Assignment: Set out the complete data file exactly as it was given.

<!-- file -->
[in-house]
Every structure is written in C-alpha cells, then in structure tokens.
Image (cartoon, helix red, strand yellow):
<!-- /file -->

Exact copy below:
[in-house]
Every structure is written in C-alpha cells, then in structure tokens.
Image (cartoon, helix red, strand yellow):